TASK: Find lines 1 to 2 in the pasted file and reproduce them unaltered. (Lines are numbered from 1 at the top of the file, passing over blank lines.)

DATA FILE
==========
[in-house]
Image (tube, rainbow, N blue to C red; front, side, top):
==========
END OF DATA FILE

[in-house]
Image (tube, rainbow, N blue to C red; front, side, top):